assaulted, and again and again they were beaten back. So the morning came, and it seemed as though the pirates had been baffled this time. But just at this juncture the thatch of palm leaves on the roofs of some of the buildings inside the fortifications took fire, a conflagration followed, which caused the explosion of one of the magazines, and in the paralysis of terror that followed, the pirates forced their way into the fortifications, and the castle was won. Most of the Spaniards flung themselves from the castle walls into the river or upon the rocks beneath, preferring death to capture and possible torture; many who were left were put to the sword, and some few were spared and held as prisoners.
So fell the castle of Chagres, and nothing now lay between the buccaneers and the city of Panama but the intervening and trackless forests.
And now the name of the town whose doom was sealed was no secret.
Up the river of Chagres went Capt. Henry Morgan and twelve hundred men, packed closely in their canoes; they never stopped, saving now and then to rest their stiffened legs, until they had come to a place known as Cruz de San Juan Gallego, where they were compelled to leave their boats on account of the shallowness of the water.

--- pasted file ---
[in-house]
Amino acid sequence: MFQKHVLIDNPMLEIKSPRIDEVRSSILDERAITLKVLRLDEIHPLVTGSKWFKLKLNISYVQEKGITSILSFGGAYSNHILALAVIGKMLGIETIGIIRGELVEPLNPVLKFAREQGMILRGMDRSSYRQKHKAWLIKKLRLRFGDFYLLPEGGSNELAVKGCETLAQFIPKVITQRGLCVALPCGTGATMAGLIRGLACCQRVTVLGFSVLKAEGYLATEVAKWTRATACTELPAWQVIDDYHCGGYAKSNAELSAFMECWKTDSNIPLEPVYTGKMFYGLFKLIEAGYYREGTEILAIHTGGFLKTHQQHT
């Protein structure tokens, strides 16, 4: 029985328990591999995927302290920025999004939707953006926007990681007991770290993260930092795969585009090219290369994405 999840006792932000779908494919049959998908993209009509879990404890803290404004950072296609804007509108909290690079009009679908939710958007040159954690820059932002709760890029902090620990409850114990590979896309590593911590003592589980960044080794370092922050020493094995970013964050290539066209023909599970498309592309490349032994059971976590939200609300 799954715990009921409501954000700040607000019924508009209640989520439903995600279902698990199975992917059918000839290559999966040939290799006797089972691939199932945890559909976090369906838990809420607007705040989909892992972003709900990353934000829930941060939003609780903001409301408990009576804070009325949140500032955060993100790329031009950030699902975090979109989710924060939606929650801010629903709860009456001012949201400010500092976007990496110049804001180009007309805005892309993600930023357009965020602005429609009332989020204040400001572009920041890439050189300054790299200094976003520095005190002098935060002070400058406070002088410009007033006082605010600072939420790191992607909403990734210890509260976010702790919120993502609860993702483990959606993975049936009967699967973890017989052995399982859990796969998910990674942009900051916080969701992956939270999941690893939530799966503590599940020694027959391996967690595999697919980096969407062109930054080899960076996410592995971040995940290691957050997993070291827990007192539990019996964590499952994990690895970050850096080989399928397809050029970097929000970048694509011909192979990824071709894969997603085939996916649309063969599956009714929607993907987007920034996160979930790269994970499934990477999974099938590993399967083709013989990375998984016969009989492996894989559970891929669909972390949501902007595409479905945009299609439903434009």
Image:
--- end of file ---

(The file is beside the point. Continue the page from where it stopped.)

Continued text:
Leaving a guard of one hundred and sixty men to protect their boats as a place of refuge in case they should be worsted before Panama, they turned and plunged into the wilderness before them.
There a more powerful foe awaited them than a host of Spaniards with match, powder, and lead—starvation. They met but little or no opposition in their progress; but wherever they turned they found every fiber of meat, every grain of maize, every ounce of bread or meal, swept away or destroyed utterly before them. Even when the buccaneers had successfully overcome an ambuscade or an attack, and had sent the Spaniards flying, the fugitives took